This spurred a thriving black market in Tanzanian minerals. Last December, the Tanzanian government began an enforcement campaign against the unlicensed mining and trading of precious stones and minerals, supposedly by foreign il legal miners. However, more than 25,000 Tanzanians reportedly were moved from mining regions as part of this campaign extent of a countrys economic liberalization. The more extensive they are, the less liberal is the economy. What these gauges now show: theTanzanian black market is booming and o fficial conuption is rampant A booming black market of course, is also a positive sign, It means that there are hundreds of successful entrepreneurs, bubbling with enterprise and creativity. Free market reforms would channel these entrepreneurial energies into the legal economic sector Such black market activity and official corruption offer two good gauges of the AMERICAN AND WESTERN DOLLARS CONTINUE TO FLOW In fiscal 1992, which began this October 1, AID plans to spend at least $24 mil lion in Tanzania T h is current AID spending in Tanzania, close to its total spend ing for fiscal 1991 (approximately $23.2 million), represents roughly a 500 per cent increase over fiscal 1990, when AID spent approximately $4.3 million on projects inTanzania In addition, AID has slated $9.5 million to be spent on its Tanzania-Zambia Railroad Authority (TAZARA) Project for fiscal 1992: AID along with eleven other donors, has assisted TAZARA since 19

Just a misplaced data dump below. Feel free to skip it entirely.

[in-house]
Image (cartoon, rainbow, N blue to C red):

87. AID spending onTAZARA in fiscal 1990 amounted to $15 million 3 AD spending fiw for fiscal years 1990.1992 are taken from AID Congressional Presentation, Fiscal Year 4 TAZARA project money, though spent in Tanzania, is disbursed through AIDS Southern Africa Regional 19

92. The fiscal 1991 figure is an estimak acCOUnt 11 The only thing that would justify this boost in AID spending in Tanzania would be Tanzanian progress toward a market economy. Apparently, therefore, AID is satisfied with the Mwinyi regimes half-hearted economic reform performance.

American aid toTanzania, moreov er, has not been limited to AID funds. In March 1990, the U.S. Treasury Department forgave a roughly $40 millionTanzanian debt owed to the U.S. government. This September, the U.S. Department of Agriculture waived a $59 million debt Tanzania owed to the U . S. Commodities Credit Corporation, a federal agency. This second public debt relief is authorized by P.L. 480, which aids less developed countries undertaking significant positive economic measures with the IMF or the World Bank. In this instance, U.S for e ign aid policy is being shaped by multilateral financial institutions that con tinually have demonstrated permissiveness toward state controlled economies This June, citing major accomplishments by theTanzanian government in refonning its economy, Western donors that belong to the Paris Club Consultative Group announced their backing of the final year of theTanzanian governments Economic and Social Action Pmgram with grants and loans on generous terms totalling some $1 billion. This August, the World Bank and IMF agreed to lend Tanzania $242 million through 1994 on generous terms such massive Western and multilateral aid.